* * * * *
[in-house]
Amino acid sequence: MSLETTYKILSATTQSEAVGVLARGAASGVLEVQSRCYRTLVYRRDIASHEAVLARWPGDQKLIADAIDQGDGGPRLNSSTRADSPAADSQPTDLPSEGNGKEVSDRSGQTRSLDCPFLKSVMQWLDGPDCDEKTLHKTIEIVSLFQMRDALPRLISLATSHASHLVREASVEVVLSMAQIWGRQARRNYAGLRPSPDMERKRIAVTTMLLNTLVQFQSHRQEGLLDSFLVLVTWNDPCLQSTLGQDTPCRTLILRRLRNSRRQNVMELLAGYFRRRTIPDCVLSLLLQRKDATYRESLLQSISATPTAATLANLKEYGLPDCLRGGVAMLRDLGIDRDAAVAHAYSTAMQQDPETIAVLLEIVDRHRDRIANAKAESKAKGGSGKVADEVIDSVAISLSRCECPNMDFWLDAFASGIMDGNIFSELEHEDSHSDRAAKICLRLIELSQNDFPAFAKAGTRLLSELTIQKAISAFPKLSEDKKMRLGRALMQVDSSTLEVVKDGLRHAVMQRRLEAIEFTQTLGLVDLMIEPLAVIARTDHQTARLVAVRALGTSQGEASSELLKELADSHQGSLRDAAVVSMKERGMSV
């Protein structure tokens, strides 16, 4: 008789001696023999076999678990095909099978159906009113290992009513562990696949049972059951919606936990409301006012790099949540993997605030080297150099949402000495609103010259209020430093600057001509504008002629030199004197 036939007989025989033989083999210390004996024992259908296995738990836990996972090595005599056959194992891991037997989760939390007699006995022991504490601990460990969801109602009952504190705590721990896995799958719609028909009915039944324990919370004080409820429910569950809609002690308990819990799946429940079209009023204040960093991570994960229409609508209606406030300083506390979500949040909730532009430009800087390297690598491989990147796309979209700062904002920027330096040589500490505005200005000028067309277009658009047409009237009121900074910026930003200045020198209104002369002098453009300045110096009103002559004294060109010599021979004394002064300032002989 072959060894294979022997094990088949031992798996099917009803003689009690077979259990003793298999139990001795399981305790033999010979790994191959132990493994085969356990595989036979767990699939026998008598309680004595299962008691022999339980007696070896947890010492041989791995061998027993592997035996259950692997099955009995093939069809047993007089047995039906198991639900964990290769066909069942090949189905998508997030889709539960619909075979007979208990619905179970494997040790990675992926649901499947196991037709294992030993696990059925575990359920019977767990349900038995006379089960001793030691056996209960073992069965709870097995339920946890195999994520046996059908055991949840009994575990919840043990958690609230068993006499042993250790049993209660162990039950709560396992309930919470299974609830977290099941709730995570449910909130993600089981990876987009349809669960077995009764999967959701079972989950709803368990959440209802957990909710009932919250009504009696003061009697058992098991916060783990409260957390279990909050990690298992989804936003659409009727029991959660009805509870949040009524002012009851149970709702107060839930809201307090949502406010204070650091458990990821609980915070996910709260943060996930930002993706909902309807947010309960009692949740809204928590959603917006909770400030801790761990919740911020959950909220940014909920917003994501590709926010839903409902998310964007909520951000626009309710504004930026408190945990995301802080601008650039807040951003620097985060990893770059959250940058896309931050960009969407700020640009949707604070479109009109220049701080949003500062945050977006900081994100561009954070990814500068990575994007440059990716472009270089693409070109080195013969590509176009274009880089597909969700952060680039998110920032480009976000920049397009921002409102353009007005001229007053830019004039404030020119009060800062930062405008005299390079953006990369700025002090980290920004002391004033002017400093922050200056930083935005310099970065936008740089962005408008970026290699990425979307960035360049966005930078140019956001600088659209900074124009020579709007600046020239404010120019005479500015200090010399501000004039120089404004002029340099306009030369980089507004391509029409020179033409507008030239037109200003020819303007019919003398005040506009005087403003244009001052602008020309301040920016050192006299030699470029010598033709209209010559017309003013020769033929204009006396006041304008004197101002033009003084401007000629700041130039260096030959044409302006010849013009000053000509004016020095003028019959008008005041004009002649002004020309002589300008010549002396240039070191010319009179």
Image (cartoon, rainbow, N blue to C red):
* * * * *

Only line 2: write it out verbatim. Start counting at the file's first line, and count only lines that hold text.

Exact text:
Amino acid sequence: MSLETTYKILSATTQSEAVGVLARGAASGVLEVQSRCYRTLVYRRDIASHEAVLARWPGDQKLIADAIDQGDGGPRLNSSTRADSPAADSQPTDLPSEGNGKEVSDRSGQTRSLDCPFLKSVMQWLDGPDCDEKTLHKTIEIVSLFQMRDALPRLISLATSHASHLVREASVEVVLSMAQIWGRQARRNYAGLRPSPDMERKRIAVTTMLLNTLVQFQSHRQEGLLDSFLVLVTWNDPCLQSTLGQDTPCRTLILRRLRNSRRQNVMELLAGYFRRRTIPDCVLSLLLQRKDATYRESLLQSISATPTAATLANLKEYGLPDCLRGGVAMLRDLGIDRDAAVAHAYSTAMQQDPETIAVLLEIVDRHRDRIANAKAESKAKGGSGKVADEVIDSVAISLSRCECPNMDFWLDAFASGIMDGNIFSELEHEDSHSDRAAKICLRLIELSQNDFPAFAKAGTRLLSELTIQKAISAFPKLSEDKKMRLGRALMQVDSSTLEVVKDGLRHAVMQRRLEAIEFTQTLGLVDLMIEPLAVIARTDHQTARLVAVRALGTSQGEASSELLKELADSHQGSLRDAAVVSMKERGMSV